This post is a request-for-comment (RFC) on these two functions in-general, with a specific emphasis on the above questions. The code is below.

First, some boilerplate: setup a `HoldComplete`

-like wrapper, and some dispatch tables for modifying user-provided rules and level specifications:

```
ClearAll(ReplaceAt`HoldComplete, partSpecPatt, replaceRulePatt,
levelSpecPattern, ReplaceThen, ReplaceAt)
(* Surrogate for HoldComplete: in case rules themselves transform HoldComplete *)
SetAttributes(ReplaceAt`HoldComplete, HoldAllComplete)
(* Boilerplate pattern guards *)
partSpecPatt = _Integer | _Span | All | {partSpecElements___ /; (And @@
Thread@Unevaluated@MatchQ({partSpecElements}, partSpecPatt))};
replaceRulePatt = _Rule | _RuleDelayed | {(_Rule | _RuleDelayed) ..};
levelSpecPattern = _Integer | All | Infinity |
-Infinity | {Repeated(_Integer | Infinity | -Infinity, {1, 2})};
(* Translate arbitrary rule(s) to never modify ReplaceAt`HoldComplete *)
(* e.g. if the rule was _(x_):>Identity(x) *)
ruleExceptTransform =
Dispatch((h : Rule | RuleDelayed)(l_, r_) :>
h(Except(ReplaceAt`HoldComplete | _ReplaceAt`HoldComplete, l), r));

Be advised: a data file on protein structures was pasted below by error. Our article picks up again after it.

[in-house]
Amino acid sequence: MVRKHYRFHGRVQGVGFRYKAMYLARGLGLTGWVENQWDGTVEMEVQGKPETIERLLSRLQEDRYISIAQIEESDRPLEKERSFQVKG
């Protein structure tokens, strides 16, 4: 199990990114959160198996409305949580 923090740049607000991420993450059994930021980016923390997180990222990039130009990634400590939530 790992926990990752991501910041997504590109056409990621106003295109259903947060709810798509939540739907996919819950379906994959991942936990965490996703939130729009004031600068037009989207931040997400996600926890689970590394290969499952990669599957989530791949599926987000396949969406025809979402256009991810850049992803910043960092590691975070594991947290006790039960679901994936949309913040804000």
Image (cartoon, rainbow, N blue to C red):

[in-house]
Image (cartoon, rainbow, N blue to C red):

(* Translate level spec to account for ReplaceAt`HoldComplete *)
levelSpecTransform =
Dispatch({{n1_, n2_Integer?Positive} :> {n1, n2 + 1},
n_Integer?Positive :> n + 1, {n_Integer?Positive} :> {n + 1}});
(* Sugar: make user calls to Options(...) return something *)
Options(ReplaceThen) = Options(Replace);
Options(ReplaceAt) = Options(Replace);
```

Next, here are `ReplaceThen`

and `ReplaceAt`

:

```
With({ruleExceptTransform = ruleExceptTransform,
levelSpecTransform = levelSpecTransform},
ReplaceThen(expr_, rules : replaceRulePatt,
levelSpec : levelSpecPattern : {0}, wrap_Symbol : Identity,
opts : OptionsPattern()) := wrap @@ Replace(
ReplaceAt`HoldComplete(expr),
Replace(rules, ruleExceptTransform, {0, 1}),
Replace(levelSpec, levelSpecTransform),
opts
);
ReplaceAt(expr_, rules : replaceRulePatt, partSpec : partSpecPatt,
levelSpec : levelSpecPattern : {0}, opts : OptionsPattern()) :=
ReplacePart(
Unevaluated@expr,
Replace(
Replace(
Extract(Unevaluated@expr, partSpec, ReplaceAt`HoldComplete),
Replace(rules, ruleExceptTransform, {0, 1}),
Replace(levelSpec, levelSpecTransform),
opts
),
ReplaceAt`HoldComplete(x_) :> RuleDelayed(partSpec, x)